CASA Working Paper 85
1 November 2004
Hierarchy in Cities and City Systems
Hierarchy is implicit in the very term city. Cities grow from hamlets and villages into small towns and thence into larger forms such as 'metropolis', 'megalopolis' and world cities which are 'gigalopolis'. In one sense, all urban agglomerations are referred to generically as cities but this sequence of city size from the smallest identifiable urban units to the largest contains an implicit hierarchy in which there are many more smaller cities than larger ones. This organisation approximately scales in a regular but simple manner, city sizes following a rank-size rule whose explanation is both mysterious and obvious.
In this chapter, we begin with a simple but wellknown model of urban growth where growth is randomly proportionate to city size and where it is increasingly unlikely that a small city becomes very big. It is easy to show that this process generates a hierarchy which is statistically self-similar, hence fractal but this does not contain any economic interactions that we know must be present in the way cities grow and compete. We thus modify the model adding mild diffusion and then note how these ideas can be fashioned using network models which generate outcomes consistent with these kinds of order and scaling. We then turn this argument on its head and describe how the same sorts of morphology can be explained using ideas from central place theory. These notions are intrinsic to the way cities evolve and we conclude by noting how city design must take account of natural hierarchies which grow organically, rather than being established using top-down, centralized planning.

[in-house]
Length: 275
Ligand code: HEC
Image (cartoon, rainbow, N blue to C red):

This working paper is available as a PDF. The file size is 885KB.
Authors: Michael Batty
Publication Date: 1/11/2004